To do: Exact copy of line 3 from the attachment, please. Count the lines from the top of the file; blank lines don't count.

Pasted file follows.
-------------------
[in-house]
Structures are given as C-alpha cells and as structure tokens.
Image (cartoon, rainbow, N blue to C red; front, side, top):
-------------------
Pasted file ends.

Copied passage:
Image (cartoon, rainbow, N blue to C red; front, side, top):